The National Trust for Scotland shares top five animals to spot in springtime

Conservation charity’s ultimate seasonal checklist guide for wildlife watchers across Scotland

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Adventure, fun and exploring new places are top of the to-do list at the National Trust for Scotland’s special places this spring. With landscapes famed for their array of flora and fauna, in the springtime Scotland is the perfect destination to see the seasonal wildlife emerge from its winter slumber.

To help keen explorers make the most of their adventures, Scotland’s largest conservation charity, the National Trust for Scotland, has shared its springtime guide to some of the best places in Scotland to spot the nation’s incredible wildlife.

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Otters – One of the most popular but shy Scottish animals can be found at Inverewe Garden, in the North West Highlands. Make sure to stay as quiet as possible, though, as otters have an excellent sense of hearing and acute sense of smell. The Inverewe bird hide is a perfect spot to catch a glimpse of an otter, or take a boat trip from the jetty to spot them around the peninsula.

Red SquirrelRed Squirrel
Red Squirrel

Puffins – With spring round the corner, puffins will return from their time at sea to the same nest burrow which they used the previous year, and spring cleaning will commence as they prepare for egg laying in mid-April. The male puffin uses his feet and beak to dig a two-room burrow, and helpfully, he also does all the spring cleaning before his partner arrives. The Treshnish Isles are a fantastic place for birdwatching as the clifftops make for perfect burrow sites.

Visitors to the Treshnish Isles (and Staffa too) are asked to leave dogs at home, especially during the seabird season from 1 April to 30 September, to help avoid stressing seabird populations which are already under pressure from other threats. Visitors are also reminded to give seabirds space by maintaining a good distance to avoid disturbing nests and burrows.

Black Grouse - The ancient pinewoods of Mar Lodge Estate are home to the rare black grouse. Early mornings in springtime provide the best opportunity to see their famous, swaggering courtship displays known as leks, which take place in open areas away from the woods. The all-black males are identifiable by a distinctive red wattle over their eye and show a striking white stripe along each wing in flight. As these are a rare species, the Trust encourages everyone to admire from a distance.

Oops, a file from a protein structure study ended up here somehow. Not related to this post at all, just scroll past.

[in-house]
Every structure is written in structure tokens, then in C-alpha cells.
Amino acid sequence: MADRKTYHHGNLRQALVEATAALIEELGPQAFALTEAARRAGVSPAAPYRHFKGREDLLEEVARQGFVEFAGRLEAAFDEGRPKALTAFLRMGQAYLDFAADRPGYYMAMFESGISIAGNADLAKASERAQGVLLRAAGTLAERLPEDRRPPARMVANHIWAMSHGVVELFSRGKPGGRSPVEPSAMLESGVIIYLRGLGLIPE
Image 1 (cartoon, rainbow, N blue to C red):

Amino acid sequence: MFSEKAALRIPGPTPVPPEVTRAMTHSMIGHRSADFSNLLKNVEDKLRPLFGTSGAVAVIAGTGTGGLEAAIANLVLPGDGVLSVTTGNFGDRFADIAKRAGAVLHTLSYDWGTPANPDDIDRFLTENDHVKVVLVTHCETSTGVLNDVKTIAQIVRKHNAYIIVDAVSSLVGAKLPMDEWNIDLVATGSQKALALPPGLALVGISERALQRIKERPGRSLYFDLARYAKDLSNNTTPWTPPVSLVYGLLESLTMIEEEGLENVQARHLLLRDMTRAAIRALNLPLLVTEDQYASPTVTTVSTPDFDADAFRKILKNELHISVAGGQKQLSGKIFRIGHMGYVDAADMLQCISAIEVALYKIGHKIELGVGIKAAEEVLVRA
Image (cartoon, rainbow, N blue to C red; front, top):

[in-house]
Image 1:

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Red Squirrels - The natural habitat at Threave is great for red squirrels, with plenty of food sources like nuts, seeds, berries and mushrooms available, while a close tree canopy in the woods allows the squirrels to easily travel from tree to tree as well as offer good areas for nest building. Perfect for springtime strolls, the leafy woodland at The Hermitage or the grounds at Brodie and Brodick Castles are also home to these playful creatures.

Black GrouseBlack Grouse
Black Grouse

The flash of a red squirrel leaping from branch to branch is an unforgettable sight but they can be shy and very quick, so watch from a distance if you’re looking to snap a picture.

Pine Martens – Maybe the trickiest animal to spot, pine martens are known for being shy and often nocturnal, leaving evidence of their presence in the form of footprints or droppings. Brilliant climbers thanks to their long bushy tails and strong claws, they live at a variety of National Trust for Scotland properties, including Mar Lodge Estate, Crathes Castle and Killicrankie, and be sure to check high and low, both in trees and on the ground. Keep an eye out for their distinct five toed footprint, around 5cm by 6cm in size, to get a chance to see one of Scotland’s most elusive creatures!

Emily Wilkins, National Trust for Scotland Ranger for Burg, Iona and Staffa, said: “With springtime arriving, we’re excited to see some of our favourite wildlife begin to resurface and make the most of the warmer weather. There’s an array of different species visible at the special places in our care across Scotland, from woodland creatures to aquatic mammals and coastal seabirds. Some of the most remarkable wildlife call our country home and we’re excited to share them with our visitors. It is thanks to the generous support of our members and supporters that our charity is able to continue our work to care for and protect Scotland’s nature, beauty and heritage, now and for future generations to enjoy.”

For more information on the National Trust for Scotland, or the sites near you, visit: